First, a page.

If you had to mark the heart of Tokyo, and thus the heart of Japan, a strong case could be made for Nihombashi (日本橋). In 1601 construction began on five routes that would ultimately connect the country and help the shogun maintain control over the outer provinces. The starting point of all five routes and thus the point from which all distances were measured was Nihombashi. Its position as Japan’s intersection had a profound effect on the development of the area: as the natural gathering point for merchants and travelers, commercial enterprises took root and Nihombashi began to play an increasingly important role in the spread of culture. In Japan, all roads truly do lead to Nihombashi.

Nihombashi in 1933

Today is it home to the central bank, Mitsukoshi department store, and many traditional shops, some of which have existed for centuries. The bridge itself (Nihombashi means “Japan bridge”) has been lost many times to the fires which have devastated the city over the centuries. The structure you see today has stood since 1911, having miraculously survived the air raids of the war. You can see a reconstruction of the original Nihombashi Bridge at the Edo-Tokyo Museum in Ryogoku.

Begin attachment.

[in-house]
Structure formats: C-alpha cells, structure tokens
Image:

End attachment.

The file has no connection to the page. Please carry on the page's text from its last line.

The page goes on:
Key Attractions

Mitsui Memorial Museum

Over 4,000 exhibits, including six designated as National Treasures, from the collections of the Mitsui family and Mitsui Group.
10:00-17:00. Closed on Mondays (unless a public holiday).
Adults ¥1,000, students ¥500, children free

Mitsukoshi Nihombashi

The flagship store of Japan’s oldest department chain (dating back to 1673) is to Tokyo what Harrods is to London or Bloomingdale’s is to New York.
10:00-19:00

Nihombashi Bridge

One of Tokyo’s most important historical structures, and the starting point from which all roads were measured when Tokugawa Ieyasu undertook the construction of the five routes.

Coredo Muromachi

Coredo Muromachi is a shopping complex made up of three buildings (Coredo Muromachi and Coredo Muromachi 2 &…

Taimeiken Kite Museum

A museum exhibiting kites from Japan, Asia, and some European countries. The museum occupies the 5th floor of…
11:00-17:00. Closed on Sundays and national holidays.
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